at 9.30 a. m. at the Farmers'
Hotel, M. Snyder, Proprietor
We will sell the following live stock:
100 Head of Fresh Shipped
Western Horses and Colts
Shipped direct by W.
ove ' who advises
' car ®' & |
the kind that have the ■
size, shape, bone, muscle and conformation to them- |
selves, and will mature into and make heavy drafters, I
all purpose horses, farm chunks, carriage horses and
These colts range in age from 1 to 5 years and weigh
from 1000 to 1400 pounds each.
fOO to 150 Head of Acclimated
and Comm ssion Horses
and Mules I
Consisting of good big finished draft horses, general I
business horses, farm chunks, single line leaders, all
purpose horses, carriage horses, livery horses, fancy
driver and speedsters.
Also a lot of High Dollar Horses—the 57 varietv
kind of all classes. These horses range in age from 5
to 12 years and have them weighing up to 1600 pounds
50 Head of Goo
Consisting of mated
commission horses and
Sale to commence at pf TV 1
} 9.30 A. M. on Friday, m # p
December 4, 1914, when |
conditions of sale will be made known by
Middletown. Pa. mmmmmmmaJ}
Mixed Pea Coal
Sometimes Nut Coal is too large for your range.
It makes no difference how you have it mixed the
stove doesn't want to keep a good, regular fire. One
time it is too hot and the next time you have no fire
at all.
Before you condemn the stove try some of our
Mixed Pea Coal at $5.35.
We make this mixture out of one-half Wilkes-
Barre Pea and one-half Lykens Valley Pea.
Besides the big difference in price it may be that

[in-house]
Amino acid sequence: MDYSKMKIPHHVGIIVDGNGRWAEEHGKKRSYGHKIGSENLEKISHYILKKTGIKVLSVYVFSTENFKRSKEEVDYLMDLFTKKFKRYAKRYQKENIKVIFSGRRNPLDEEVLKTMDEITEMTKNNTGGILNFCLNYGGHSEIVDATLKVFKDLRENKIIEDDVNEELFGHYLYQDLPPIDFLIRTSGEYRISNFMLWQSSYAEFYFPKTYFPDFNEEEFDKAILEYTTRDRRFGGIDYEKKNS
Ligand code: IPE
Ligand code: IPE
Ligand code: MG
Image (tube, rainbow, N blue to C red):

the smaller size is just the kind of coal your stove
Remember every dealer's coal is "not alike and if
you want good results we advise you to send us your
United Ice & Coal Co.
Forster ft Gowden Third ft Bou
15th & Chestnut Hummel & Mulberry
——— j
Prosperity Here
Bulletin 104 tatta of
Annr. Sugar Refining Co.
Bethlehem Steel Corp.
Central Leather Co.
5 Shtre Lots Upward
« Broadway, Now Tnk
unlucky f Cynicus—You bet it was!
She married Uni.—Judge.
C*a«liu4 From First Pas*.
to me. Suddenly he jumped from his
cot, grabbed a piece of broom stick
said: 'l'll beat hell out of you.' "
The warden said the information he
lias about Smith principally is what he
was told by other prison attochos.
Thereupon Judge McCarrell sought to
know from John Fox Weiss, of Smith's
counsel, why witnesses who are better
informed as to Smith's alleged pecu
liarities "are not being called firstt"
"We believe in putting the worst
foot forward first," replied Mr. WeißS.
'' Evidently, t'hen, you do not be
lieve in "The worst is yet to come,' "
added the court.
Tells of Smith's Actions in Jail
A witness who said he did nine
months in prison and as a "runner"
looked after Smith's wants, declared
he had trouble "getting Smith to take'
a bath;" that Smith would not use
cutlery at meal time, preferring to
reach into his soup with his fingers;
that he sat in one position upon the
bunk for hours at a time; that he
would not hold a conversation; took
nothing from the runners unless he
could re-ach it without getting off his
bod and that frequently he stood in
a corner with his face to the wall as
if playing "hide and seek."
Later the witness said: "I frequent
ly asked him what he was in for, and
'he always replied 'for shooting old
(man Bush.' Then I would ask him
whether he did shoot the old man and
his reply would be 'that's for them
to find out.' Once I succeeded in get
ting Smith to the bathroom. He did
not want to leave," the runner added.
"If he started washing his ami he
would keep that up until I told him
to stop or until I would pull his arm
away," ho continued. "The only way
we could attract his attention to any
particular thing or object was to yell
at him just as vo<u would to a dog."
Dr. Jwmes was on the stand for an
hour yesterday afternoon. The physi
cian was directed to be ready to sub
mit himself for cross examination to
Continued From First Page.
cessful clothing business at 14 North